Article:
A new study is investigating how to introduce dementia support workers into GP surgeries, with the ultimate aim of improving the quality of life for dementia patients and their carers.
Led by the University of Plymouth, the £2.7m study funded by the National Institute for Health Research (NIHR) will develop a person-centred package of care in GP surgeries, focused on the introduction of one dementia expert (support worker) to link to the rest of the patient’s clinical team.
The research project is supported by PenCLAHRC and is being managed by Dr Val Mann, Associate Professor in Faculty of Medicine and Dentistry at...Read more
Dorothy Tudor has cared for her partner Bob since he was diagnosed with dementia seven years ago. Watching the smiley, fun-loving carpenter transform into someone who no longer recognises her, Dorothy has been ‘floundering’ for support with nowhere to turn.
Here, she tells her story – and explains how introducing dementia support workers into GP surgeries could help ease the burden on people in a similar position. Dementia support workers exist in some organisations, but their role is not streamlined or consistent. New research to explore how to introduce them into primary care is being led by the University of Plymouth,...Read more
People who have had a stroke are around twice as likely to develop dementia, according to the largest study of its kind ever conducted.
PenCLAHRC supported The University of Exeter Medical School’s study which analysed data on stroke and dementia risk from 3.2 million people across the world.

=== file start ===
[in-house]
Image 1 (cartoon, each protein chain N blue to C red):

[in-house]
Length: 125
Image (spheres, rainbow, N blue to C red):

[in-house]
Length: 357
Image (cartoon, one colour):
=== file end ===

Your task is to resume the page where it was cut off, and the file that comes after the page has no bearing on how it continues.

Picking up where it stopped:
The study builds on previous research which had established the link between stroke and dementia, though had not quantified the degree to which stroke actually increased dementia risk. To better understand the link between the two, researchers analysed 36 studies where participants had a history of stroke, totalling data from 1.9 million people. In...Read more
A project led by the Evidence Synthesis Team, which aims to improve our understanding of how best to help people with dementia and their loved ones in hospital, has been covered on BBC Spotlight.
The study, entitled “Caring about Care - Improving the Experience of Care for People with Dementia in Hospital”, is a partnership between The University of Exeter, Royal Devon & Exeter NHS Foundation Trust and Devon Partnership Trust (DPT).
“Caring about Care” aims to improve experiences of care in hospitals for people with dementia, their carers, and hospital staff. The research comes following a poll by Alzheimer’s Society, which showed that...Read more
A robust research analysis has identified what factors can be targeted to support people to live as well as possible with dementia.
The study, led by the University of Exeter and published in the journal Psychological Medicine, found that good relationships, social engagement, better everyday functioning, good physical and mental health, and high-quality care were all linked to better quality of life for people with dementia.
Professor Linda Clare, at the University of Exeter, said:
“This research supports the identification of national priorities for supporting people to live as well as possible with dementia. While many investigations focus on prevention and better treatments,...Read more